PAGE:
Shri S.D.D. Nichols Roy, (Minister in-charge of Power) :- Mr. Speaker, Sir, the hon. Members probably know that the Assam State Electricity Board was bifurcated and in 1975 the Meghalaya State Electricity Board came into being on the 21st of January. Now all State Electricity Board raised their resources by way of loans from the State Government and from the financial institutions or from the open market borrowings. Now the Assam State Electricity Board had passed on the amount and the Assam Government had approved the undivided State Electricity Board do have borrowing powers and loan liabilities of Rs.95 crores. This had also been approved by the previous Government of Assam. When Meghalaya State Electricity Board came into being, we took over the assets of the undivided Assam State Electricity Board and up to March 1975 certain liabilities were allocated to the Meghalaya State Electricity Board. This was the approximate proportion of the assets taken over and the allocation was that 33% of the assets and liabilities should be given to the MSEB. The loan allocation was also divided. Pending final allocation of this amount the total amount of loan allocated to MSEB was 37.73 crores of which the State Government loan amounts to 25.93 crores. In addition, during 1975-76 the MSEB obtained a total sum of Rs.5 crores as loan. So loan and liabilities given to the MSEB stood at Rs.4.73 crores. This included the State Government loans. Now we have a number of generation projects which we also took over including the on-going Kyrdemkulai Project and we have two or three more projects under investigation. Therefore, we will have to increase the borrowing powers of the Meghalaya State Electricity Board. Hence the resolution today. It may be added that most of the State Electricity Boards exceeded 75 crores. We have enquired from various State Electricity Boards and their borrowing power considerably higher than 75 crores. But for this State Government, the generation schemes that we are now contemplating to take up this amount should be enough. Therefore, I request all the hon. Members to support this resolution so that the MSEB will be able to carry on with the works of both the generation schemes that have been already undertaken and those that we are contemplating to take up in the following years. Under section 65, there is a provision for the Board to take loan from other authorities or from the open market borrowing and so on. The amount of borrowing does not include the amount borrowed from the State Government. So with these words I urge upon this House to support and pass this resolution to enable the maximum borrowing of the Meghalaya State Electricity Board up to 75 crores.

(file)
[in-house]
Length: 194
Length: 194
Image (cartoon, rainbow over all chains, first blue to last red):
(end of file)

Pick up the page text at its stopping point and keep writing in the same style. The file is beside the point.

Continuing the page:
Prof. M.N. Majaw :- Mr. Speaker, Sir, we would like to say just one or two words on this. First of all we would like to congratulate the Minister-in-charge for having managed, at last, to bring about the bifurcation of this Board. As this House must remember that we have had occasion in the past to speak a lot and discuss about the affairs of the Assam State Electricity Board and at the time when it included the State of Meghalaya, and although some amendment had to be made to the North Eastern Areas Re-organisation Act in order to enable us to remain together with the A.S.E.B. for another year, we are happy that at last this long hope for long dream of bifurcation has come about. But we would only like to enquire by way of information what it meant when the Minister speaks of liabilities. If our memory serves us aright there was a liability also of interest carried over compound interest. Do these liabilities included these interests which the Assam State Electricity Board had carried over? If I am not mistaken, the interest in the combined Board of the Assam State Electricity Board, that time was an unpaid interest amounting to 28 or 29 crores. Then there was a carried over loss which was about 23 crores in 1972 accounts and the financial statement. What was the position at the time of bifurcation and whether among these liabilities, we are also inheriting the carried over loss from the A.S.E.B.? Thirdly Mr. Speaker, Sir, we would like to know whether the Meghalaya Government, especially the Ministry of Power and Electricity has made a careful analysis of the failings or drawback under which the Assam State Electricity Board functions because it was not only a subject of debate in this august House.